In mammalian oocytes, histone H3 and histone H4 (H4) in the chromatin are highly acetylated at the germinal vesicle (GV) stage, and become globally deacetylated after GV breakdown (GVBD). Although nuclear core histones can be exchanged by cytoplasmic free histones in somatic cells, it remains unknown whether this is also the case in mammalian oocytes. In this study, we examined the histone exchange activity in maturing porcine oocytes before and after GVBD, and investigated the correlations between this activity and both the acetylation profile of the H4 N-terminal tail and the global histone acetylation level in the chromatin. We injected Flag-tagged H4 (H4-Flag) mRNA into GV oocytes, and found that the Flag signal was localized to the chromatin. We next injected mRNAs of mutated H4-Flag, which lack all acetylation sites and the whole N-terminal tail, and found that the H4 N-terminal tail and its modification were not necessary for histone incorporation into chromatin. Despite the lack of acetylation sites, the mutated H4-Flag mRNA injection did not decrease the acetylation level on the chromatin, indicating that the histone exchange occurs partially in the GV chromatin. In contrast to GV oocytes, the Flag signal was not detected on the chromatin after the injection of H4-Flag protein into the second meiotic metaphase oocytes. These results suggest that histone exchange activity changes during meiotic maturation in porcine oocytes, and that the acetylation profile of the H4 N-terminal tail has no effect on histone incorporation into chromatin and does not affect the global level of histone acetylation in it.
"HAT1 has been implicated in the accumulation of reactive oxygen species in porcine oocytes, which lead to a deterioration of oocyte quality through acetylation of H4K12 (Cui et al. 2011). Histone H4 is highly acetylated at the GV stage, but becomes globally deacetylated after GVBD (Endo et al. 2011). The finding that HAT1 is more highly expressed in SM oocytes compared to either LG or SM+GDNF oocytes is consistent with the SM group containing fewer oocytes successfully reaching the MII stage, and those that do are possibly of a lower quality due to improper histone acetylation. "
[Show abstract][Hide abstract] ABSTRACT: In some insect species, two sites of juvenile hormone (JH) synthesis have been reported: the very well documented corpora allata that secrete JH for "general use", and the reproductive system, in particular the male accessory glands, in which the function of the sometimes huge amounts of JH (e.g. in Hyalophora cecropia) remains to be clarified. A recent finding in Schistocerca gregaria, namely that suppression of the ecdysteroid peak preceding a molt by RNAi of the Halloween genes spook, phantom and shade does not impede normal molting, challenges the (never experimentally proven) classical concept that such a peak is causally linked to a molt. Recent developments in epigenetic control of gene expression in both the honey bee and in locusts suggest that, in addition to the classical scheme of hormone-receptor (membrane- and/or nuclear) mode of action, there may be a third way. Upon combining these and other orphan data that do not fit in the commonly accepted textbook schemes, we here advance the working hypothesis that both JH and ecdysone might be important but overlooked players in epigenetic control of gene expression, in particular at extreme concentrations (peak values or total absence). In this review, we put forward how epi-endocrinology can complement classical arthropod endocrinology.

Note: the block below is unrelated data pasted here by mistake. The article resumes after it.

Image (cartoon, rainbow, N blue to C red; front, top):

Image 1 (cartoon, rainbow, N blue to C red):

General and Comparative Endocrinology 02/2013; 188(1). DOI:10.1016/j.ygcen.2013.02.004 · 2.47 Impact Factor
[Show abstract][Hide abstract] ABSTRACT: The core histone is composed of four proteins (H2A, H2B, H3 and H4). Investigation of the modification patterns of histones
is critical to understanding their roles in biological processes. Although histone modification is observed in multiple cells
and tissues, little is known about its function in spermatogenesis. We focused on the modification patterns of histone H4
during murine spermatogenesis. We demonstrated that the individual N-terminal sites of H4 show different modification
patterns during the differentiation of male germ cells. The methylation pattern varied depending on the residues that were
mono-, di-, or tri-methylated. All the H4 modifications were high during the meiotic prophase, suggesting that histone H4
modification plays an important role during this stage of spermatogenesis. Elongating spermatids showed increased acetylation
of histone H4, which may be associated with a histone-to-protamine substitution. Our results provide further insight into the
specific relationship between histone H4 modification and gene expression during spermatogenesis, which could help to
elucidate the epigenetic disorders underlying male infertility.
Journal of Reproduction and Development 08/2014; 60(5):383-387. DOI:10.1262/jrd.2014-018 · 1.52 Impact Factor
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